Of course, that’s not unheard of; many high-fliers decide to devote part of their careers to public service. But this decision was particularly intriguing, because the senior lawyer in question had joined the secretive team working for Robert Mueller, the former head of the Federal Bureau of Investigation, who was appointed this year to probe President Donald Trump’s dealings with Russia.

“I was surprised to see [my colleague] go — he gave up a big job,” my lawyer friend said. “But I have to think that Mueller is working on something even bigger.”

Is he? That is the $50m, or $5bn, question sparking endless chatter in Washington right now. As autumn gets under way, the headlines have mostly been dominated by stories such as hurricanes Harvey and Irma, the president’s latest speeches and tweets about immigration and tax reform, and the North Korea crisis.

But while Mueller’s probe has slipped from the spotlight, it is provoking lively — if furtive — gossip behind the scenes. The Trump team insist the probe is merely a procedural matter, sparked by the president’s Democratic opponents. “We are pleased Mueller is investigating,” one White House figure recently declared, insisting the investigation “will just prove that there is nothing there”. After all, these Trump supporters point out, it is notable that nothing incriminating has tumbled out so far from the investigation. Certainly there have been news reports this year that seem damaging: intelligence documents have suggested that Trump’s team have had extensive contact with Russian players, while CIA officials say the Russian government meddled in the election to support Trump.

However, Mueller has not revealed what he is actually investigating. And nobody has produced any public evidence showing that Trump actually colluded with Russians or broke any laws — even though large teams of investigative journalists have been looking into these tales for months. “With so many journalists on this, it’s strange they haven’t found something yet,” one senior Democratic congressman told me last week.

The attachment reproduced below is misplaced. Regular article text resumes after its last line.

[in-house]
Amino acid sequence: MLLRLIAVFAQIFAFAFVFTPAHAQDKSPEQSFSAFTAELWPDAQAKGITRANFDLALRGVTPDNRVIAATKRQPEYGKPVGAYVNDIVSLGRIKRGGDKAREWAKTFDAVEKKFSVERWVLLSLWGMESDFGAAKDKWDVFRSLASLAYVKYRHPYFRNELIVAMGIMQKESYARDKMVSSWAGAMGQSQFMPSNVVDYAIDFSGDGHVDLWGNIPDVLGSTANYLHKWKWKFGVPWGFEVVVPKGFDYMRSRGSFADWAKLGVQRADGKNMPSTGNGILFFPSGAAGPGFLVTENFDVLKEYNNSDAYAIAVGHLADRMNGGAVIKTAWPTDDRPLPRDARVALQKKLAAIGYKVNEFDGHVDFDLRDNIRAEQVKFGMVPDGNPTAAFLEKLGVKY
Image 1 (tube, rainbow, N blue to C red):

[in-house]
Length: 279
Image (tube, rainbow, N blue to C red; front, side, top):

The Trumpians have an explanation: there is nothing to find. But lawyers who know Mueller’s team suspect there might be another explanation: Mueller is doing such a ruthlessly disciplined job that he is preventing any material from leaking. This partly reflects the character of the man, who is respected across party lines as a consummate professional. It also stems from something else: for Mueller and his other former FBI colleagues, this investigation has extraordinary historic importance, given that Trump fired James Comey in May as head of the agency for having mishandled last year’s email investigation into Hillary Clinton. “Mueller is absolutely determined to pursue this to the end — the credibility of the FBI is at stake,” said a lawyer who knows him well.

Then there is the issue of all those lawyers Mueller has hired. These already total 17, many from senior roles. Indeed, the roster is so experienced that it reads like a who’s who of the legal world, featuring prosecutors who are considered top of their field when it comes to pursuing members of the mafia, turning witnesses, and investigating money laundering and other financial crimes.

Take Andrew Weissmann, one lawyer who answered Mueller’s call; a former general counsel to the FBI, he ran the task force that sued Enron more than a decade ago. Before that, he was a federal prosecutor who successfully convicted mafia members and bosses. Then there is James Quarles, a long-time litigator who worked on the Watergate investigation, and Greg Andres, who helped to prosecute the Texas financier Robert Allen Stanford for running an $8bn Ponzi scheme. The list goes on and on.

Nobody outside the team knows exactly what they are doing. But there is speculation that they are now probing questions such as: did the Trump group launder Russian money through its real estate operations? Did Russian banks guarantee loans that big European banks made to Trump? Did the Trump organisation pay bribes to Russian groups? And, most importantly, did anybody around Trump collaborate with the Russians during the recent election to gain their support for his campaign?